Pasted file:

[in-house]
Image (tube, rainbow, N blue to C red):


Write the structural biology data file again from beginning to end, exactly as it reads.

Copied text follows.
[in-house]
Image (tube, rainbow, N blue to C red):